CIA chief resigns over affair

2012-11-10 09:00

Washington – CIA Director David Petraeus resigned over an extramarital affair, bringing an abrupt end to a brilliant career that saw him serve as military commander in the Iraq and Afghanistan wars.

The revelation shocked Washington yesterday, just three days after the re-election of US President Barack Obama and shortly before Petraeus had been due to testify on the CIA’s alleged failure to properly protect a US consulate in Libya.

“After being married for over 37 years, I showed extremely poor judgement by engaging in an extramarital affair,” Petraeus said in a message to CIA staff, released to the media.

Such behaviour is unacceptable, both as a husband and as the leader of an organisation such as ours.”

Neither Petraeus nor the CIA explained exactly why he felt he had to step down over the affair, and whether his liaison presented a purely personal problem or raised security issues in his sensitive work as spy chief.

The affair came to light as the FBI was investigating whether a computer used by Petraeus had been compromised, the New York Times and other US media reported.

NBC News reported the Federal Bureau of Investigation was investigating Paula Broadwell, who published a favourable biography of Petraeus, “All In: The Education of David Petraeus,” for possible improper access to classified information.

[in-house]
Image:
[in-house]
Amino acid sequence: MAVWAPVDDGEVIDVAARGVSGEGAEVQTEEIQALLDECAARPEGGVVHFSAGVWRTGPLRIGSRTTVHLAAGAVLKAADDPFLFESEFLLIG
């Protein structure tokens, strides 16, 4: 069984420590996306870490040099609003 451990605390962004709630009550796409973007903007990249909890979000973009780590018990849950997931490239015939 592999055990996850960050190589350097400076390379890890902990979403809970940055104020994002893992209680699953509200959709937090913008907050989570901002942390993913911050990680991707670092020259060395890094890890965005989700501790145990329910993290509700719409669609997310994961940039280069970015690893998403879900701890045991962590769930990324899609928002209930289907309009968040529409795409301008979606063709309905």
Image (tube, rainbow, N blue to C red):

Unnamed officials told the New York Times that Petraeus’s lover was Broadwell, a former Army major who spent hours interviewing Petraeus for her book. She offered no public comment on the revelations.

The resignation comes amid criticism in some quarters of Petraeus over his response to the deadly attack in September on the US consulate in Benghazi, which killed the US ambassador to Libya and three other Americans.

Petraeus was due to face a tough grilling in a series of closed-door classified hearings in Congress next week, with some lawmakers questioning the former general’s handling of the incident.

Intelligence officials have defended Petraeus and his officers over the incident, saying the CIA moved swiftly to rescue the Americans under attack at the Benghazi compound.

Michael Morell, Petraeus’ deputy at the country’s lead spy agency, will serve as acting director and will be appearing at the hearing instead. Obama expressed his “utmost confidence” in Morell’s leadership. The president, fresh from his electoral triumph, reportedly had no inkling that the CIA chief was about to resign until Thursday morning.

When he met Petraeus later that day, Obama refused to accept the resignation straight away, saying he would think about it overnight, the New York Times said. But in the end, Obama concluded he could not push Petraeus to stay on, according to the Times.

The most celebrated military officer of his generation, Petraeus (60) took over at the CIA just over a year ago after retiring as a four-star general. He was credited by some with rescuing a failing US war effort in Iraq in 2007, after then president George W Bush ordered a surge of troops into the country.

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